An improvised explosive device — apparently in a mini-van — was detonated near the Australian Embassy in Jakarta on Sept. 9, killing at least eight people, wounding more than 100 and doing extensive damage to the area near the embassy compound. Counterterrorism sources in Washington believe the attack was the work of Jemaah Islamiyah (JI). In addition, the Jakarta police chief believes the bomb at the embassy closely resembles those used by JI in the past.
The bombing is the latest in a series of attacks that JI seems to conduct at about the same time each year. On Aug. 5, 2003, 12 people were killed and 150 injured when an improvised explosive device in a vehicle detonated at the J.W. Marriott Hotel in Jakarta. On Oct. 12, 2002, suicide bombers detonated a series of bombs in the Kuta district of Bali, killing more than 200 people.
The one-year time lapse seen between JI bombings suggests (http://web2.stratfor.com/JI.neo) operational limitations in planning and preparation. The arrests of several key JI leaders — Huda bin Abdul Haq, also known as “Mukhlas,” has been sentenced to death and Ali Imron sentenced to life in prison for the Bali attack — have also likely diminished the capabilities of the organization, perhaps to the extent that it was unable to carry out attacks. However, the embassy attack reaffirms JI as a capable militant force. While the deadliness of attacks has steadily decreased over the past two years the latest attack — against a hard target with massive collateral damage — is still very large in its scope and impact.
As STRATFOR has reported, many pro-jihadist Web sites claimed attacks would occur between Aug. 25 and Sept. 10. If this warning is valid, it could simply indicate JI was saving its limited resources to attack during this period in support of the greater cause. The attack would then also be indicative of the continuing affiliation JI holds with other militant Islamist groups worldwide — including al Qaeda.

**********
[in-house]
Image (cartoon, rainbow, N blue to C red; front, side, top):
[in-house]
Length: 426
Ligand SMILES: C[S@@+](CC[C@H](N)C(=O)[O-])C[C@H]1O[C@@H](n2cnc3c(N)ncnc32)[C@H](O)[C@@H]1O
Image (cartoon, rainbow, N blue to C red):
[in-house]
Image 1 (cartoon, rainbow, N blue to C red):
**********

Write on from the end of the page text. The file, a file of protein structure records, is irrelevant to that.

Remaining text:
On Sept. 3, there were warnings from the U.S. and Australian embassies in Jakarta indicating that intelligence suggesting an attack against Western interests in Indonesia — especially soft targets such as hotels — was close at hand. State Department sources confirm that the warnings related to a charity ball the Australian Embassy planned to hold at the J.W. Marriott Hotel on Sept. 4. After the warnings were issued, the ball was moved onto embassy grounds to allow for tightened security. Just as JI changed its attack date in the Bali bombing, it is likely that the target of the attack was then changed to the Australian Embassy — this would get attention in Canberra — and the date was pushed back to allow for the security situation to loosen in the area. In the days after the warnings were issued, security was heavily increased around hotels, as well as embassies in the area. However, once the period of perceived threat had passed, security was likely reduced, creating the opportunity for a militant strike.
Although the bombing did not cause serious damage to the embassy compound, surrounding buildings — the compound is located in a neighborhood of embassies, shopping areas and high-rises — were seriously damaged due to the explosive force. In addition, no casualties occurred inside the embassy; some of the dead and injured were security personnel on guard outside the embassy, while others were pedestrians and passengers in cars and buses in close proximity to the blast.
The high level of security at hard target locations such as the embassy has created a difficult situation for the soft targets, such as the shops, restaurants, offices and other facilities in the area of the Jakarta blast. Security measures implemented to protect hard targets are nearly impossible to implement to protect soft targets for any extended time period. Security designed not to allow attackers close access to a hardened target virtually force soft targets to take the brunt of an impact from an attack. While the threat to hard targets is certainly high, soft targets in their vicinity can be at greater risk and face potentially higher casualty counts.